14. Jeff Soyer Says:

    Great. Someone googles my name and comes up with the “gay gun nut.” Good thing I’m not looking for a job. . . And yes, “googles” is now officially a verb.

  15. Standard Mischief Says:

    Oh, I forgot to comment on this:

    And, really, are you qualified for the job you’re applying for? Just asking.

    seriously, I’ve seen people ask for the fucking moon and the stars in an interview. Hell, I’ve even blogged about it. The interview person was impressed I googled the company before the interview, was quite impressed with my knowledge of Word and other MS programs, was quite impressed with my customer service experience, management experience, and then proceeded to tell me that I’d need none of those skills that they requested if I was hired.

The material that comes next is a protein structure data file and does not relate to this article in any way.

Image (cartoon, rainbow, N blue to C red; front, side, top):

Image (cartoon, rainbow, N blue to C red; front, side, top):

Also, this whole post is quite a coincidence, as I just moments ago got a call to set up for a job interview.

  16. Standard Mischief Says:

    then you’re lucky i’m not in a position to hire you, for i’d drop the email unread. use your PDF version. PDF is a much better format than word-anything.

    Thanks for your comment, I feel the same way. However 90% of the time when they ask for a preference, it’s for it to be in MS Word format. The extra 10% is just asking for plain text pasted into the email message. When I say I have it as a PDF, but I could convert it, 50% of the time the PDF is OK.

    Let me clarify, in my original email I have the direct link to my PDF resume. That’s not good enough?